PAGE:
About 10.5% of US households were food insecure -- meaning that they had limited or uncertain access to adequate food -- at some point in 2019, according to a report published by the US Department of Agriculture last month.
That number has more than doubled during the pandemic. On average, about 22.5% of households were food insecure each week from May 5 to July 21, according to an analysis by Northwestern University's Institute for Policy Research. For Black and Hispanic households, the rates have been much higher.
Second Harvest Food Bank of Orange County has seen the increase in demand firsthand -- despite serving a region that people don't often associate with hunger.
"We're in one of the wealthiest counties in one of the wealthiest states in the wealthiest countries in the world, and we have pervasive food insecurity at our doorstep right now because of the crisis we find ourselves in," CEO Harald Herrman said.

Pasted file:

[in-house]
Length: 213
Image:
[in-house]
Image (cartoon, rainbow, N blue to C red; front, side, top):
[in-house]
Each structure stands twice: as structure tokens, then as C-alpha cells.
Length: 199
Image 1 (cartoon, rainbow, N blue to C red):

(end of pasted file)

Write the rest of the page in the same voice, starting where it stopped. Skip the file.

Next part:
Before the pandemic, Herrmann said his organization was serving approximately 2.2 million pounds of food a month to about 249,000 residents. In August, he said they served more than double the food to more than double the residents.
"What's really revealed itself is that there are so many Americans that are 3 to 5 paychecks away from needing help in some way or another," he added.
Food Bank For New York City, the city's largest hunger relief organization, is seeing the heightened need in the number of meals they're handing out.
This time last year, the food bank would have served about 30 million meals, according to Janis Robinson, vice president of institutional giving and partnerships. This year so far, they've served about 50 million meals.
"That gives us a sense of the astronomical increase in support that has been needed within the five boroughs," she said.
Economic relief measures and expanded benefits from the federal government have alleviated some of the burden on food banks, and some of the programs keeping families from going hungry have been extended through September 2021.